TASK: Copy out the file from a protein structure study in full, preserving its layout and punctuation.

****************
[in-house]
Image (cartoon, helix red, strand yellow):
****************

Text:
[in-house]
Image (cartoon, helix red, strand yellow):